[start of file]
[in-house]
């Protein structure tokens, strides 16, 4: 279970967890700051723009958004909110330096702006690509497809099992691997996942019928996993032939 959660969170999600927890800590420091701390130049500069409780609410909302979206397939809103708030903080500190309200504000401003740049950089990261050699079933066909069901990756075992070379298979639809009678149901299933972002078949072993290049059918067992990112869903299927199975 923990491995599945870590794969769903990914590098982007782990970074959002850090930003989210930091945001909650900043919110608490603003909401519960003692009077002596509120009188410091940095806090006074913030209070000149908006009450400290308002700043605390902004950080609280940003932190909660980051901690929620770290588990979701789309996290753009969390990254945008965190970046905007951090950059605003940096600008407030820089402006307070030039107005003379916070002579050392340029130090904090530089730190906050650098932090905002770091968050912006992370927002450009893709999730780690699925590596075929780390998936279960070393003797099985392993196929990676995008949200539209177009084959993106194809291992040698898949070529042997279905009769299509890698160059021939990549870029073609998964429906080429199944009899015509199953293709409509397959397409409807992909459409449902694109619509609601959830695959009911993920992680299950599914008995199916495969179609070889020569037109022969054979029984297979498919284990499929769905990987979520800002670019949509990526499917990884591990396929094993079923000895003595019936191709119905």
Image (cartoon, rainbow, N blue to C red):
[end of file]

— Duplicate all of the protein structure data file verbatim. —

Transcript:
[in-house]
């Protein structure tokens, strides 16, 4: 279970967890700051723009958004909110330096702006690509497809099992691997996942019928996993032939 959660969170999600927890800590420091701390130049500069409780609410909302979206397939809103708030903080500190309200504000401003740049950089990261050699079933066909069901990756075992070379298979639809009678149901299933972002078949072993290049059918067992990112869903299927199975 923990491995599945870590794969769903990914590098982007782990970074959002850090930003989210930091945001909650900043919110608490603003909401519960003692009077002596509120009188410091940095806090006074913030209070000149908006009450400290308002700043605390902004950080609280940003932190909660980051901690929620770290588990979701789309996290753009969390990254945008965190970046905007951090950059605003940096600008407030820089402006307070030039107005003379916070002579050392340029130090904090530089730190906050650098932090905002770091968050912006992370927002450009893709999730780690699925590596075929780390998936279960070393003797099985392993196929990676995008949200539209177009084959993106194809291992040698898949070529042997279905009769299509890698160059021939990549870029073609998964429906080429199944009899015509199953293709409509397959397409409807992909459409449902694109619509609601959830695959009911993920992680299950599914008995199916495969179609070889020569037109022969054979029984297979498919284990499929769905990987979520800002670019949509990526499917990884591990396929094993079923000895003595019936191709119905």
Image (cartoon, rainbow, N blue to C red):